Um, no. Look at where those underwires sit. Bridge too wide. Back not large enough. Yes, there is promise in this pattern – but I honestly cannot be bothered with the work that it would take to tweak, make and remake until it fits me well. I’m a very standard Australian bra size, 14C, and I can easily buy a cotton moulded underwired bra (without those bloody foam cups that seem to be in most bras) from good old Target for $15. In beige. I like smooth boring beige bras. And boring smooth beige undies. They don’t show under my clothes. They don’t scratch. Okay, they’re not pretty. That’s fine with me.

Kwik Sew 3300

So, why would you want to sew bras? Maybe if you are a non-standard size and it’s difficult to find what you like in the shops. If you enjoy the fitting and tweaking process and find that satisfying. If you prefer to do your own mixing and matching of fabrics and trims. Just because it’s your thing! What can I say, go for it!  There are plenty of bra-making resources around nowadays, as well as suppliers of the things that you need.

But I’m never sewing an underwired structured bra ever again*.

*I reserve the right to sew simple stretch lace bralette types of things for the daughters if they so request.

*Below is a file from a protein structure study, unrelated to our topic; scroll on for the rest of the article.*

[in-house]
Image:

adult's clothing · sewing

Style Arc Marilyn dress

I had a WONDERFUL afternoon and evening last Saturday.  I got to visit Style Arc in person, and to attend Melbourne Summer Frocktails!

Visit to Style Arc

There were a couple of shopping days organised as part of the Melbourne Frocktails weekend. I wasn’t able to join the group on Friday or Saturday morning, but nothing was keeping me away from visiting Style Arc on Saturday afternoon!

Visit to Style Arc

Carly, Lyn and Liz graciously welcomed us into their place of creativity and answered our million questions about Style Arc. Questions about its history, their work histories, their design process, their printing process, you name it, I think that we asked it!

Visit to Style Arc

They also had some pre-printed patterns there at a discounted price for our group. They were incredibly generous. I had already placed an online order (or two) so was able to collect that on the day. It was pretty funny watching people ferreting through the boxes trying to decide which patterns they wanted! Style Arc has a considerable inventory nowadays.

Visit to Style Arc

I’ve been sewing Style Arc patterns for quite a while now, so as some of the other group members said, for me it was like visiting my spiritual home. I got to see samples in real life as well! So much fun.

Visit to Style Arc